So, for me, my family really lost everything. My dad, who had worked his whole life to build up his business, lost it. So he then had to go back to Iran for a number of years, but what we had was always family/ And we had a great education and great opportunities in the U.S. and we rebuilt a bunch of what we’ve lost. And so for me, I truly appreciate what we have in the United States, which is a second chance to rebuild, but also everything that comes with a culture where, Hey, if you earn something, you can keep it, and you’re not going to lose it because of some powers that be taking away from you what Americans take it for granted. It makes me even more thankful for everything that this country represents. So I was one of the lucky ones.

RH: Yeah. It’s a great thing to be reminded of (given of course, all the turbulence we’ve been going through) – that there’s still stuff that we aspire to in very good ways here in the country. You mentioned your father, but also your mother had a lot of influence on you and you haven’t talked about your mother yet. So can you share a little bit of that with the folks here today?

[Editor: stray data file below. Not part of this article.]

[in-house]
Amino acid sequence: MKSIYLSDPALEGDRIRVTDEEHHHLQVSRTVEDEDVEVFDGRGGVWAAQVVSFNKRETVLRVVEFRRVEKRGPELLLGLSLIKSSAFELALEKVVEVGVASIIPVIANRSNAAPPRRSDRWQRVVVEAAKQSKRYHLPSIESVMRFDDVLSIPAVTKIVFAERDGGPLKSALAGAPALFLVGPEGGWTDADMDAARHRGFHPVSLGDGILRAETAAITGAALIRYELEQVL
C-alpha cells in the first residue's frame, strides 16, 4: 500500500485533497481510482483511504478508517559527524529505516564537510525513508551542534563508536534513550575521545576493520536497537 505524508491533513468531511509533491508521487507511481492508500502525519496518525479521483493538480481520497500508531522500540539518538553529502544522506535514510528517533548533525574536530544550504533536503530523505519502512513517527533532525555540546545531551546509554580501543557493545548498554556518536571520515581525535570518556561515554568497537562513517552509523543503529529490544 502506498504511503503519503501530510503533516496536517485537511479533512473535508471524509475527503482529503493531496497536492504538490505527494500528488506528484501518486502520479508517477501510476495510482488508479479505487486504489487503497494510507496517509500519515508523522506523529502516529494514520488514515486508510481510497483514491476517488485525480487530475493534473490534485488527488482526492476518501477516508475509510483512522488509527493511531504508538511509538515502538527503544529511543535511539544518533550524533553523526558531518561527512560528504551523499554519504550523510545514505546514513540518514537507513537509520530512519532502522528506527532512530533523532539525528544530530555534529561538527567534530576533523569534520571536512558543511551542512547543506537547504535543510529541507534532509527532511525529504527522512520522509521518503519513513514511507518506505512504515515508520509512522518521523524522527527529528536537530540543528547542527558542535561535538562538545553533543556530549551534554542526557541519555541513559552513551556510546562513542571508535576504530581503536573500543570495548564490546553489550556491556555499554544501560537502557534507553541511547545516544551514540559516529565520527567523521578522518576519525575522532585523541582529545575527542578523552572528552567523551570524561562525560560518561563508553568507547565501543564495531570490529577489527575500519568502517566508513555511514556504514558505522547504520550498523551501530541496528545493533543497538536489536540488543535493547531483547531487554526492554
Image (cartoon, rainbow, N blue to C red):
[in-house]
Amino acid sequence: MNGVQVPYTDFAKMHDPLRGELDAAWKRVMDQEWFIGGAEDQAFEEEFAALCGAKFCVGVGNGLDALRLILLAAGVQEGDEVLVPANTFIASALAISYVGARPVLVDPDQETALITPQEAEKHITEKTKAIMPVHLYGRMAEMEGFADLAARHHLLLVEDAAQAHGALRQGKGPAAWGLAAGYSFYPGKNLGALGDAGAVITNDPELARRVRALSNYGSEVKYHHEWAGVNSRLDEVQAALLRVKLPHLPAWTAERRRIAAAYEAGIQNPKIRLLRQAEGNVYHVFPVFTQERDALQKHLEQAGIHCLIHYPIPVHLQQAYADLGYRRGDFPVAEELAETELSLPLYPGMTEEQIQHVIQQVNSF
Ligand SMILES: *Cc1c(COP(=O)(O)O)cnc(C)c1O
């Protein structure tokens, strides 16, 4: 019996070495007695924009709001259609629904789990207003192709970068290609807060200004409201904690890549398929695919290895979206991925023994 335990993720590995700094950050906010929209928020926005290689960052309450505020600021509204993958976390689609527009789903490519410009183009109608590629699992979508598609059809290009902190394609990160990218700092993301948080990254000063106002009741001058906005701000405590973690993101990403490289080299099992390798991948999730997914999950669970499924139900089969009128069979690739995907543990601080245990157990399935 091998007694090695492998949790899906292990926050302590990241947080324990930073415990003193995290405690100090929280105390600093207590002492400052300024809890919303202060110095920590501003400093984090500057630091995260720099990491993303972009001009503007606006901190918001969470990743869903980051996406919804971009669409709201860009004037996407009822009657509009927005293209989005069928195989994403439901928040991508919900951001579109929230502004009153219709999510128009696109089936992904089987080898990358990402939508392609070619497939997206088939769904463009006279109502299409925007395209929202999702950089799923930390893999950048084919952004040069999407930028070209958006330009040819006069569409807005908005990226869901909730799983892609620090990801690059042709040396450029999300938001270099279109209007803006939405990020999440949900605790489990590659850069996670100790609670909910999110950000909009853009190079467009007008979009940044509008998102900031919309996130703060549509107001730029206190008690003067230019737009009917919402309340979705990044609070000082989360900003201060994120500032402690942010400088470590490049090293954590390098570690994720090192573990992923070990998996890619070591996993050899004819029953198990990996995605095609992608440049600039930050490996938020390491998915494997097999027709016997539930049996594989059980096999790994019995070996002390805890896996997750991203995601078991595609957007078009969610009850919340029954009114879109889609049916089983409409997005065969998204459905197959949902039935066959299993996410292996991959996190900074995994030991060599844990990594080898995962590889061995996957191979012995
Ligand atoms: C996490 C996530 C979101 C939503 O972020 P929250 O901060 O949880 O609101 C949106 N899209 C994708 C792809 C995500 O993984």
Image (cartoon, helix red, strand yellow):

DK: Yeah, absolutely. I’ll start with my dad: he went back to Iran to be at his father’s deathbed. His dad was dying, he went to be with his father, and he was then detained in Iran for six years. He couldn’t come back. So my mom had to get a job. She worked as a sales clerk at a fashion company called Celine. I still remember it – she used to shop at those kinds of places, and she had to become a sales clerk. So it was quite a change for her. And she had to raise three teenage boys, and she got it done.